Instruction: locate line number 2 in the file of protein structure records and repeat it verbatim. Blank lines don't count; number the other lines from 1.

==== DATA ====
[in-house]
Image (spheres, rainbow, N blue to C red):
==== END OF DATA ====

Image (spheres, rainbow, N blue to C red):